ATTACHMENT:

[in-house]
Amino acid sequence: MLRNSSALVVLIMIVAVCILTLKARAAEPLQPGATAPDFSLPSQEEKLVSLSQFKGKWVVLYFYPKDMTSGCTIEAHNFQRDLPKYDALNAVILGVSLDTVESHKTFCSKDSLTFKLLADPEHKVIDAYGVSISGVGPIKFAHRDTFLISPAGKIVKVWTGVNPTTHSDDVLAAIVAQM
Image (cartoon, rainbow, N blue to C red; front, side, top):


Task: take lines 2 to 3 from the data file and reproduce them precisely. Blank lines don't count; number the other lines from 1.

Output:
Amino acid sequence: MLRNSSALVVLIMIVAVCILTLKARAAEPLQPGATAPDFSLPSQEEKLVSLSQFKGKWVVLYFYPKDMTSGCTIEAHNFQRDLPKYDALNAVILGVSLDTVESHKTFCSKDSLTFKLLADPEHKVIDAYGVSISGVGPIKFAHRDTFLISPAGKIVKVWTGVNPTTHSDDVLAAIVAQM
Image (cartoon, rainbow, N blue to C red; front, side, top):